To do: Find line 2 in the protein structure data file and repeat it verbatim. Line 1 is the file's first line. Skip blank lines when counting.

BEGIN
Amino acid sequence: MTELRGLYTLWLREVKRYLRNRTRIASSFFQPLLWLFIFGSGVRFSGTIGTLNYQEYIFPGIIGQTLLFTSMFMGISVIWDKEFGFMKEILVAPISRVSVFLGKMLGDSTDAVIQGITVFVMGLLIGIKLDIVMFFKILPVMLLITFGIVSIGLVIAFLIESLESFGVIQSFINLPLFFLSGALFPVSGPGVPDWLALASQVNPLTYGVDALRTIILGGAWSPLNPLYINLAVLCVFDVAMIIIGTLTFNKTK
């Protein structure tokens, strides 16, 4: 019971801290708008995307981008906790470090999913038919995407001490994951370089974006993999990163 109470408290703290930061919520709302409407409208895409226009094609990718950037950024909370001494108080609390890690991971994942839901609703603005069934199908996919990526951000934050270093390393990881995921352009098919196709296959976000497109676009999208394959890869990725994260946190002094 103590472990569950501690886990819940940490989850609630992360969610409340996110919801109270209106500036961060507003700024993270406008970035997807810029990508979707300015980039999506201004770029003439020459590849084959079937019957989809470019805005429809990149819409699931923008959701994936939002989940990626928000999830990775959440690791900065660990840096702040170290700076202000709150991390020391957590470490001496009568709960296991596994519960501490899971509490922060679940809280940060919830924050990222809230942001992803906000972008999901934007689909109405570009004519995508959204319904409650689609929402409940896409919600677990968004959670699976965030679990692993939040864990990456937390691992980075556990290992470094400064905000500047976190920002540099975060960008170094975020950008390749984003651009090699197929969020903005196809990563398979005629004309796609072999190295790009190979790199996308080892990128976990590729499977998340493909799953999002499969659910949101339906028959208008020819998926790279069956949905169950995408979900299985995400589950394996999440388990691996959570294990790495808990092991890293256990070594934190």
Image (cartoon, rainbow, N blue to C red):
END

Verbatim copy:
């Protein structure tokens, strides 16, 4: 019971801290708008995307981008906790470090999913038919995407001490994951370089974006993999990163 109470408290703290930061919520709302409407409208895409226009094609990718950037950024909370001494108080609390890690991971994942839901609703603005069934199908996919990526951000934050270093390393990881995921352009098919196709296959976000497109676009999208394959890869990725994260946190002094 103590472990569950501690886990819940940490989850609630992360969610409340996110919801109270209106500036961060507003700024993270406008970035997807810029990508979707300015980039999506201004770029003439020459590849084959079937019957989809470019805005429809990149819409699931923008959701994936939002989940990626928000999830990775959440690791900065660990840096702040170290700076202000709150991390020391957590470490001496009568709960296991596994519960501490899971509490922060679940809280940060919830924050990222809230942001992803906000972008999901934007689909109405570009004519995508959204319904409650689609929402409940896409919600677990968004959670699976965030679990692993939040864990990456937390691992980075556990290992470094400064905000500047976190920002540099975060960008170094975020950008390749984003651009090699197929969020903005196809990563398979005629004309796609072999190295790009190979790199996308080892990128976990590729499977998340493909799953999002499969659910949101339906028959208008020819998926790279069956949905169950995408979900299985995400589950394996999440388990691996959570294990790495808990092991890293256990070594934190």